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Critical Reception: Lionhead/Activision's The Movies

This week's Critical Reception takes a look at Peter Molyneux's long in development, lovingly assembled rendition of Hollywood, via the Lionhead-developed, Activision-pub...

Quang Hong

November 9, 2005

3 Min Read

This week's Critical Reception takes a look at Peter Molyneux's long in development, lovingly assembled rendition of Hollywood, via the Lionhead-developed, Activision-published strategy title The Movies for the PC. Allowing you to run your own movie studio, as well as create your own movies (which can be easily converted to video formats for sharing), The Movies was received reasonably well by video game critics, earning an average rating of 83% on game review compilation site GameTab. Coupling a Tycoon-style Hollywood simulation with all the tools to make your own movie, the game sets you as the head of a new studio circa 1920. The premise is to grow and manage your studio through the various ages of Hollywood film-making leading up to present day. As far as the Tycoon aspect goes, GameSpot's Ryan Davis explains that "...you play master and commander of your very own Hollywood movie studio, hiring and firing staff, building facilities, and, of course, producing and releasing movies." In the course of making movies, "...you can choose to either let your studio machine determine the content of your films, or you can go hands-on with the game's built-in moviemaking tools, which peg a good balance between accessibility and flexibility." While the Tycoon aspect of the game is "solid, if unspectacular" according to 1UP's Garnett Lee, "...the most anticipated part of The Movies isn't even the game; it's the ability to make your own movies, and it doesn't disappoint. The tools are here to make truly sophisticated productions, complete with your own soundtracks, voiceovers and special effects." Yahoo! Games' Mike Smith concurs, suggesting that "...the more original and interesting by far, is the game's set of tools for creating your own movies. After choosing a genre, you can string together scenes chosen from a vast list of templates -- a fight, a close-up on an actor's face, a zooming establishing shot -- then choose the set, weather, lighting, backdrop, camera effects, actors, costumes, props, and tweak the exact behavior of everything to your heart's content." However, GameSpot's Davis notes, in a comment echoed by other more casual reviewers: "Both parts of The Movies can be engrossing and time-consuming, but they feel more like parallel products rather than an integrated whole." As far as the game's shortcomings, there was really no clear consensus on any particular point. Each reviewer had different things to say: GameSpot's Davis complains of a "disconnect between the business management and the filmmaking." Yahoo!'s Smith cites "...weaknesses in the economic model... beyond star and director salaries and marketing spend, there just aren't economic levers to pull." Finally, 1UP's Lee remarks, "It becomes an awful lot to keep up with as your studio becomes a major player, compounded by the AI's relative inefficiency at doing things for itself ... It takes repeatedly putting a couple together to create the chemistry that will be invaluable when they work together on the set. The same sort of manual repetition holds true for other areas you want to develop." Overall, The Movies' two disparate parts still sit reasonably well with reviewers, even if they can't reach a consensus over its best points. But if the generally held notion that everyone wants to make their own movie holds true, The Movies stands to do quite well at the PC retail level for Lionhead and Activision, especially with relatively few products competing with The Sims and exhibiting a human-interest bent.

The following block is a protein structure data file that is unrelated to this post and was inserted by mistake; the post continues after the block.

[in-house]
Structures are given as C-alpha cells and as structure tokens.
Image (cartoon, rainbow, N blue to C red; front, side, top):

About the Author(s)

Quang Hong


Quang Hong is the Features Editor of Gamasutra.com.

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